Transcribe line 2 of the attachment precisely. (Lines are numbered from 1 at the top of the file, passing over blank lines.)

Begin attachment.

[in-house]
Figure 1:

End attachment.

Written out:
Figure 1: